On April 11, 1993, Ayrton Senna demonstrated the best opening lap ever in Formula One. It was at the Donington Park, which debuted in Formula One to host the European Grand Prix.
European Grand Prix, over the years have had different interpretations and avatars so to speak. What started as an honorary title to the existing races, the name became a full-fledged race from the year 1977. This experiment was short-lived and uncertain. European Grand Prix did take place few times in the mid-80’s before being cancelled after two seasons.
The idea was revived in the following decade when stakeholders of Formula One agreed to secure a constant European Grand Prix for twenty years.
Tom Wheatcroft, the man responsible for the upgradation and management of Donington Park took this as an opportunity to host a Grand Prix after repeated failures previously. An agreement was set in motion and Donington Park was to be designated as the European Grand Prix for 1993.
The race was scheduled for the Easter weekend. Ayrton Senna in his McLaren was not as sharp as the Williams duo during qualifying. Alain Prost and Damon Hill, driving for Williams took the front row, while Michael Schumacher and Ayrton Senna took the second row respectively.
The weather on the race day can be summarised by these words of Murray Walker, the famed F1 commentator –
“Look from the commentary box, I saw the worst weather that I have ever seen at any race anywhere in the world”. Mind you, he had seen a lot of F1 races until then.
Race started and by the end of lap one, and by the time tyres got warmed; Senna on a wet track was leading the race – and was four seconds ahead of the pack by the time lap three started. He was no stranger to this circuit, as he had driven and won it in 1983 as part of British F3 championships.
The race started with majority of drivers opting for wet weather tyres as the track was found to be slippery. For a moment, the rain bearing clouds looked away from the track, which prompted the dry slicks to come on to the cars by lap 15. By the end of lap 20, all the drivers had pitted in for dry tyres and fate has it, light shower graced the circuit three laps later. Alain Prost was quick to pit for wet weather tyres. Other drivers opted to race with dry tyres, prolonging the decision to change for the more gripped tyres.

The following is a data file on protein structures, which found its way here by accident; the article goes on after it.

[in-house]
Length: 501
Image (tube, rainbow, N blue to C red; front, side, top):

By the time Senna came on to change for wet weather tyres, he had a huge lead. The track started to dry out and teams went for pits for the slicks. Senna had a slight problem which promoted Prost to the lead until next set of showers graced the track.
The Williams duo pitted while Senna stayed out on dry tyres. McLaren was spot on with this move as the track started to dry few laps later and the two Williams made their way into the pits for dry tyres. Amidst all this confusion, Senna had built such a humongous lead that he had lapped every car but the second placed Damon Hill by lap 60.
Senna won the race with a lead of 83 seconds over Damon Hill. He made four pit stops while Prost had to make seven. Not surprisingly, the fastest lap of the race was Senna’s which came in bizarre circumstances on lap 57, which included a drive to the pits but aborted the pit stop. This was also Senna’s final fastest lap of his F1 career.
The RACE OF Donington PARK 1993 is forever etched in memory of Senna.
In 2010, in a Top Gear episode, experts talked about featured Senna and his legacy. The team at Top Gear presented the statistics of Michael Schumacher, Juan-Manuel Fangio and Ayrton Senna. They asked the current crop of drivers to share their number one driver. Alonso, Barrichello, Massa, Trulli, Webber, Coulthard, Hakkinen, Hamilton and Michael Schumacher himself, all put Ayrton Senna as the number one driver in F1. I am sure there are more drivers who would agree to this.
Former F1 driver Martin Brundle summed it up nicely. “If you ever wanted to know Ayrton Senna in 40 seconds, just watch the opening lap of this race”.
And that to me, that first lap is the highlight of the sole F1 race ever held at Donington Park. Watch it here – http://bit.ly/1O2NvKj